There were three helicopters shot down that day. I was close to one of them. I was hosing down the tree line while other guys ran to the chopper to see if they could get anyone out. They pulled one man out, still alive, but completely burned and they said his skin came off, but I always thought it was probably his flight suit. There were 13 KIA and 66 WIA in that that operation.
We’d been in water for several days and after the battle I made the mistake of taking my boots off (my feet were hurting and itching – with the itching driving me crazy) and my feet swelled up in just moments. I knew better than to do that, but the itching! There was no way I could have gotten my boots back on and I ended up crawling for quite a ways on the way away from the battle.
We were on a patrol and got word to stop and wait for helicopters to take us to another area to look for a missing (dead) Marine. What happened was some REMFs had gone on a patrol out of battalion. They’d been hit and somehow (because of inexperience) one of the Marines was separated from the others. The VC got him and tortured him to death, stabbing him 100s of times (“death by a 1000 cuts”) while he screamed in the night and every time the Mariners in that patrol tried to get to him they were driven back, taking more casualties and finally giving up.
So we got there and it didn’t take long to find him dead in padi water, right next to a dike, so completely white and stabbed so many times.
It never occured to me that I would write this. It was something to keep secret and inside me forever; something to take out now and then, turning it over in my mind like the treasure it is (to me, anyway). I told Jeff a few years ago, but he already knew about it, even though he was not on that patrol.
We were on a long patrol – past even Dodge City. It had been raining for several days or maybe several weeks. I had this raincoat that was far superior to a poncho (I doubt many people ever wore a poncho past their first gunfight with one of those awkward things in the way of everything – I loved my raincoat). We were 3-4 days out, in an area we’d not seen before. We came to a ville and moved around and through it. The plan was to round up everyone in the ville and search the place and people for weapons.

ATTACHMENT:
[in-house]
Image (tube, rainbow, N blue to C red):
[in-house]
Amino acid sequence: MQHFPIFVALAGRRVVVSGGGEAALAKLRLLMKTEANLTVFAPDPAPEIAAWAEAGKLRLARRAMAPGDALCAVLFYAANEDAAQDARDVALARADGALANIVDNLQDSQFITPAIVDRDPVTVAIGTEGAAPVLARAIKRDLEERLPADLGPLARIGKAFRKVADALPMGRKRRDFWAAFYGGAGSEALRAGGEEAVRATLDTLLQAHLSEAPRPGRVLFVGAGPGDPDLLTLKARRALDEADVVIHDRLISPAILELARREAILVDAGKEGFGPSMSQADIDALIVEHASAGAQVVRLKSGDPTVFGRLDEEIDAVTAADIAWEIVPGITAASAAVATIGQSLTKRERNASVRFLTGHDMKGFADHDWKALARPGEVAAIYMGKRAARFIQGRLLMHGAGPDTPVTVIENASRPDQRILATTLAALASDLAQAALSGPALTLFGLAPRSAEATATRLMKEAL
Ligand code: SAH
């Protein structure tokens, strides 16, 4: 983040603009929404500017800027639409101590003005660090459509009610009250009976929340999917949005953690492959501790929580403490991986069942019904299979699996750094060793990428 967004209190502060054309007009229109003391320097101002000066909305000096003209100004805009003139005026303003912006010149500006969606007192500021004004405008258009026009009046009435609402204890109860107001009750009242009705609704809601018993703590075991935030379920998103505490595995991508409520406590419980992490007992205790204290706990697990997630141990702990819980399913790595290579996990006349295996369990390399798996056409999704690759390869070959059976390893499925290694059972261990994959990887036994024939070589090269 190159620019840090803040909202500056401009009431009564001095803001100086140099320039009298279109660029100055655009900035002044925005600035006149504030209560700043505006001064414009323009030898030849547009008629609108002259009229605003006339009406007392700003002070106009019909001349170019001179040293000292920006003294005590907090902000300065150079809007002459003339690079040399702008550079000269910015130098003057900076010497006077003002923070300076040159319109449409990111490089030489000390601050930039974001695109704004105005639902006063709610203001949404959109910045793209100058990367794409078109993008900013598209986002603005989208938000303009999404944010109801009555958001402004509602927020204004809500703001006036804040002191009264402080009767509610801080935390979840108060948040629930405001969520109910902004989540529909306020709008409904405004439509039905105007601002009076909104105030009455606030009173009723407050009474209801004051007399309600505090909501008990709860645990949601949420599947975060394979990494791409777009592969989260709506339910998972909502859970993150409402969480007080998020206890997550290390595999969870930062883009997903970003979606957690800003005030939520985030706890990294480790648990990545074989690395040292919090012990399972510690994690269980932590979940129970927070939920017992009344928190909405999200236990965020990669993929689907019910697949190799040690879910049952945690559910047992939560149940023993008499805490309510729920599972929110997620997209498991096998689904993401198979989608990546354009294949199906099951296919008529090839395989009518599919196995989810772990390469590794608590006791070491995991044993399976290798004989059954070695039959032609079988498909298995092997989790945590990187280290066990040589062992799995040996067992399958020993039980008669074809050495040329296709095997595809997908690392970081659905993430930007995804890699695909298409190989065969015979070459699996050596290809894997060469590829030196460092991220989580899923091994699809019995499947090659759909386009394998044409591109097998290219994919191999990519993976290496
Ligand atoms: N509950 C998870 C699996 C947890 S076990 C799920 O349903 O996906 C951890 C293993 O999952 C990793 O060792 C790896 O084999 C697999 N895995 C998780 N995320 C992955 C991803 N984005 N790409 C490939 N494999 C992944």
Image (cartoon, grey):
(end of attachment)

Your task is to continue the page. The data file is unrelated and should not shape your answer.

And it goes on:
I came to a hooch with a bunker (all the hooches had bunkers in that neighborhood) and inside the bunker were several women and some children. The interesting thing was that one of the women was wet – even her hair, which told me pretty clearly that she had been doing something in a hurry before we got into the ville, i.e., she was most definitely VC. The other woman was holding a baby and the baby was crying, the thin, weak cry of a very sick baby. I was standing there looking at them and it was like I could see myself as they saw me. I was death – unshaven, dirty death. The only clean thing about me was my machine-gun and it was immaculate. The gun oiled, every round in the 200 round belt perfectly cleaned, inspected – all truly perfect. I was looking at them and they were looking at me.
I was thinking, screw this. I’m not going to jack with these people. So I just stayed there, watching them (I had decided not to force them out, but not wanting to be killed, would never have taken my eyes off them). So we’re there, they, no doubt wondering what is going to happen and me, just very comfortable with my decision. At some point I tossed a couple of cans of C-rat ham or whatever into the bunker. They probably thought I was tossing grenades – they never touched the cans.
The Big Hair (Harris) was off to the side and he put his weapon on the lieutenant and said something like, “Be careful, lieutenant.” Whew, what a relief. Then, the people in the bunker started coming out! The lieutenant walked off muttering threats. Harris smiled at me. “Yeah, man – fuckin’-A.” When the woman carrying the baby came out in the rain I stopped her and I took off my raincoat and gave it to her. She had no clue what that was about so I had to drape it over her. It was like the coat of a giant to her. Ridiculous.
I remember leaving the ville with all those people standing there in the rain and that sad-sack woman with her sick baby standing there with my raincoat dragging the ground.
Jeff articulated how things were. He said, and I agreed, that we were the only ones that mattered, the only ones who understood war. Tanks mattered too and of course the choppers and fast movers (except that the latter two went home at night to showers, racks, hot food, and all that good stuff – but that was just their good fortune and a reason to envy them, not a reason to downgrade them). We appreciated artillery, but they were in the rear most of the time, so they weren’t really the same as infantry and tanks. You could see that the pilots who flew C-130s into Khe Sanh were okay. Everyone else was just a rear echelon mother-fucker.